Thailand: Censorship laws stifle criticism of government vaccine rollout

Citizens and journalists may face criminal prosecution under Thailand’s censorship laws for criticising the government’s AstraZeneca vaccine rollout, produced by a company owned by Thailand’s King Maha Vajiralongkorn. The International Federation of Journalists (IFJ) urges the government to repeal the censorship laws and ensure freedom of expression is protected.

A health worker prepares a dose of the AstraZeneca Covid-19 vaccine. Credit: Lillian SUWANRUMPHA / AFP

In Thailand, Siam Bioscience, a biopharmaceutical company owned by Thailand’s King, entered into a contract in 2020 with AstraZeneca to produce 200 million vaccine doses a year for distribution in Southeast Asia. Throughout the vaccine rollout, existing laws that have been used in the past to censor journalists or criminalise freedom of expression have fuelled a hesitancy towards criticising the AstraZeneca rollout.

Thailand’s censorship laws include the ‘lèse majesté’ law, making it illegal to insult the monarchy and carries a prison sentence of 15 years. On March 23, a leading Thai opposition politician at the time, Thanathorn Juangroongruangkit, was charged under this law after voicing doubts on the government vaccine rollout in a Facebook live stream.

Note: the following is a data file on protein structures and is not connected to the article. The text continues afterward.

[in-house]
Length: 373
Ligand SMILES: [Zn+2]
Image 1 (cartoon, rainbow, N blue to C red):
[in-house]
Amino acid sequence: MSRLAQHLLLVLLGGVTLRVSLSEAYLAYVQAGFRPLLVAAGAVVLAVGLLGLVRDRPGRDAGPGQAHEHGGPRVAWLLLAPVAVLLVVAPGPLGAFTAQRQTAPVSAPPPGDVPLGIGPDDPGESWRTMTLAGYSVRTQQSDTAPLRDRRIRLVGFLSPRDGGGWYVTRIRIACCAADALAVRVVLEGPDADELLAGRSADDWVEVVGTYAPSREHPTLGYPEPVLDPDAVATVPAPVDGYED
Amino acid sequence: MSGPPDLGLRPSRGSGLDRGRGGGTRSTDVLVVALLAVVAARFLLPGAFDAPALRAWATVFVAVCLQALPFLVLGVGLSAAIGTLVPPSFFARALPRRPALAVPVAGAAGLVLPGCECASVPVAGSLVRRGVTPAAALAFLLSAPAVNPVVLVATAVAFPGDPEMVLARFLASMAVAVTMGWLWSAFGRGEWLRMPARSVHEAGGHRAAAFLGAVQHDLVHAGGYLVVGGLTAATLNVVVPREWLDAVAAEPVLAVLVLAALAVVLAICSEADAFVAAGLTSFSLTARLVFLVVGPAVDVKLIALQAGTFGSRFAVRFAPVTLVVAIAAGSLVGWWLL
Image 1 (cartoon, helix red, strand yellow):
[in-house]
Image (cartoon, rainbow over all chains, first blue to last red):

Juangroongruangkit said that the government had mishandled the vaccine campaign and given Siam Bioscience an unfair advantage due to their affiliation with the King.

According to the Financial Times, Siam Bioscience hosted an AstraZeneca launch event and did not invite journalists. 

The IFJ has produced guidelines for reporting on Covid-19 vaccines that can be found here

The IFJ said: “Thailand’s lèse majesté legislation is detrimental to the freedom of expression in the region, limiting journalists' ability to produce critical journalism on the country’s vaccine rollout and to educate the public about the importance of vaccines. The IFJ urges the Thai government to repeal censorship laws, including the lèse majesté legislation and ensure freedom of expression is protected."

For further information contact IFJ Asia - Pacific on ifj@ifj-asia.org

The IFJ represents more than 600,000 journalists in 140 countries

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